April 25, 2018 (San Diego's East County) -- Our Health and Science Highlights provide cutting edge news that could impact your health and our future.
- FDA 'blitz' aimed at reducing youths' use of Juul, other e-cigarettes (CNN)
- Marijuana-derived drug for epilepsy gets FDA committee recommendation (CNN)
SCIENCE AND TECHNOLOGY
- Electrical defects cause Priuses to stall: Toyota may be bracing for a legal fight as safety worries grow (Los Angeles Times)
- Why are tens of thousands of Americans still driving around with explosive devices in their cars? (Washington Post)
- This Start-Up Says It Wants to Fight Poverty. A Food Stamp Giant Is Blocking It. (NY Times)
- AT&T and Verizon are under federal investigation for potential collusion (San Diego Union-Tribune)
For excerpts and links to full stories, click “read more” and scroll down.
Dr. Scott Gottlieb, commissioner of the US Food and Drug Administration, announced Tuesday a "blitz" on retailers for violations related to sales of Juul and other e-cigarettes to minors. Forty warning letters were sent to brick-and-mortar retailers as a first step toward stopping underage use of e-cigarettes, the FDA said. The government agency also said it sent Juul Labs, the maker of an e-cigarette popular among teens, a request to submit documents related to product marketing and research, including information about "youth initiation and use."
A US Food and Drug Administration advisory committee on Thursday unanimously recommended approval of an epilepsy drug that would be the first plant-derived cannabidiol medicine for prescription use in the United States. The FDA will vote in June whether to approve the drug, Epidiolex, an oral solution, for the treatment of severe forms of epilepsy in a small group of patients.
SCIENCE AND TECHNOLOGY
The problem, in which overheating causes damage to key electrical parts and a resulting loss of power that can leave motorists stranded, has been dogging Toyota for about seven years. But the safety issue is now growing in scope
Jewel Brangman, an academic all-American in high school, about to pursue a PhD at Stanford, had no need to know much about the rental car she drove north toward Los Angeles on a sunny September Sunday almost four years ago. Then came a relatively minor crash — she rear-ended a minivan — and her air bag exploded with a spray of razor-sharp metal shards that severed her carotid artery. Ten years after the biggest safety recall in U.S. history began, Honda says there are more than 60,000 vehicles on the nation’s roads equipped with what experts have called a “ticking time bomb” — defective air bags like the one that killed Brangman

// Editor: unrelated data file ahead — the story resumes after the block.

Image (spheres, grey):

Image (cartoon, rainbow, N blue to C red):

…Jimmy Chen left a lucrative perch as a product manager at Facebook to found Propel, what he calls an “anti-poverty software company.” In 2016, the Brooklyn start-up released a smartphone app that lets food stamp recipients easily look up how much money was left in their accounts… Today, one million food stamp participants use Propel’s app, and the start-up has added features like links to food coupons, healthy recipes, budgeting tools and job opportunities. But in the last few months, the Propel app has been hobbled or become unavailable in many states…Behind the slowdown is a big government contractor, Conduent, which runs the food stamp networks in 25 states, including California….
AT&T and Verizon are under federal investigation for potential collusion (San Diego Union-Tribune)
The Department of Justice is investigating potential efforts by AT&T and Verizon to hamstring a technology that could someday make it easier for consumers to seamlessly switch their wireless carriers, according to three people familiar with the matter.